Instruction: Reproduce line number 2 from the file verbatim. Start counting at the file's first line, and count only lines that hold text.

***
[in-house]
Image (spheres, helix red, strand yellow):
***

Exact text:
Image (spheres, helix red, strand yellow):